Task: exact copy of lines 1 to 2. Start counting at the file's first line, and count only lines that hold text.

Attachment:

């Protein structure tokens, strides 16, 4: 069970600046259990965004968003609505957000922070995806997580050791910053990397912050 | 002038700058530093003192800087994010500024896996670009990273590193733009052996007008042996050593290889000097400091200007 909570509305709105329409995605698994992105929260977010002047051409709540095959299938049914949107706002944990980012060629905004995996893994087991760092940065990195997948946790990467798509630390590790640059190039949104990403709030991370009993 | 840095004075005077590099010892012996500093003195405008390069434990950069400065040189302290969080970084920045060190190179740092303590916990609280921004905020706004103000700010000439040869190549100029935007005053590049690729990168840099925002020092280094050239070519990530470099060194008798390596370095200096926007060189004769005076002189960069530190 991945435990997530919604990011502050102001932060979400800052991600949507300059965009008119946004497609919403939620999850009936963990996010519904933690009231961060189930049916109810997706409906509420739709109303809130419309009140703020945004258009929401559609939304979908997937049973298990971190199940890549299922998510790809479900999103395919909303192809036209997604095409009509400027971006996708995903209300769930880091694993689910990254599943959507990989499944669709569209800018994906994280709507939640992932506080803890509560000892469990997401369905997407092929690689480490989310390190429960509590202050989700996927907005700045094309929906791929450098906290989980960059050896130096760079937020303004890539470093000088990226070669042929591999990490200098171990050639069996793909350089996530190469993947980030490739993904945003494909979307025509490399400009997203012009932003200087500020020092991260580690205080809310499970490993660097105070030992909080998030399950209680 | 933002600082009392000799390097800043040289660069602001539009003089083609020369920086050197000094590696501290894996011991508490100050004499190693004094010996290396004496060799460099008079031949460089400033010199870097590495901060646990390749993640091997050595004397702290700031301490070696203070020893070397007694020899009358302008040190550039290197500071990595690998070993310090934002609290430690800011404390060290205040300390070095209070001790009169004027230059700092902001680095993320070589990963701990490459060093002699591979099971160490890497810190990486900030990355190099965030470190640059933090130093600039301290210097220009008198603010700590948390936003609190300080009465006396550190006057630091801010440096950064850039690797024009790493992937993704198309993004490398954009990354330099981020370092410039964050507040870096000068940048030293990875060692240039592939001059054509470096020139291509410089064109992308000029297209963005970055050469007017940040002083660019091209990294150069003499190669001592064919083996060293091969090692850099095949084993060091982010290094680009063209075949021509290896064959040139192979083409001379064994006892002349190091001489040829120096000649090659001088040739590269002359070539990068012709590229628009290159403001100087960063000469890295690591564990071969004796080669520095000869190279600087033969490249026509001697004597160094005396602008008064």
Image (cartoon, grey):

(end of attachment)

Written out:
């Protein structure tokens, strides 16, 4: 069970600046259990965004968003609505957000922070995806997580050791910053990397912050 | 002038700058530093003192800087994010500024896996670009990273590193733009052996007008042996050593290889000097400091200007 909570509305709105329409995605698994992105929260977010002047051409709540095959299938049914949107706002944990980012060629905004995996893994087991760092940065990195997948946790990467798509630390590790640059190039949104990403709030991370009993 | 840095004075005077590099010892012996500093003195405008390069434990950069400065040189302290969080970084920045060190190179740092303590916990609280921004905020706004103000700010000439040869190549100029935007005053590049690729990168840099925002020092280094050239070519990530470099060194008798390596370095200096926007060189004769005076002189960069530190 991945435990997530919604990011502050102001932060979400800052991600949507300059965009008119946004497609919403939620999850009936963990996010519904933690009231961060189930049916109810997706409906509420739709109303809130419309009140703020945004258009929401559609939304979908997937049973298990971190199940890549299922998510790809479900999103395919909303192809036209997604095409009509400027971006996708995903209300769930880091694993689910990254599943959507990989499944669709569209800018994906994280709507939640992932506080803890509560000892469990997401369905997407092929690689480490989310390190429960509590202050989700996927907005700045094309929906791929450098906290989980960059050896130096760079937020303004890539470093000088990226070669042929591999990490200098171990050639069996793909350089996530190469993947980030490739993904945003494909979307025509490399400009997203012009932003200087500020020092991260580690205080809310499970490993660097105070030992909080998030399950209680 | 933002600082009392000799390097800043040289660069602001539009003089083609020369920086050197000094590696501290894996011991508490100050004499190693004094010996290396004496060799460099008079031949460089400033010199870097590495901060646990390749993640091997050595004397702290700031301490070696203070020893070397007694020899009358302008040190550039290197500071990595690998070993310090934002609290430690800011404390060290205040300390070095209070001790009169004027230059700092902001680095993320070589990963701990490459060093002699591979099971160490890497810190990486900030990355190099965030470190640059933090130093600039301290210097220009008198603010700590948390936003609190300080009465006396550190006057630091801010440096950064850039690797024009790493992937993704198309993004490398954009990354330099981020370092410039964050507040870096000068940048030293990875060692240039592939001059054509470096020139291509410089064109992308000029297209963005970055050469007017940040002083660019091209990294150069003499190669001592064919083996060293091969090692850099095949084993060091982010290094680009063209075949021509290896064959040139192979083409001379064994006892002349190091001489040829120096000649090659001088040739590269002359070539990068012709590229628009290159403001100087960063000469890295690591564990071969004796080669520095000869190279600087033969490249026509001697004597160094005396602008008064």
Image (cartoon, grey):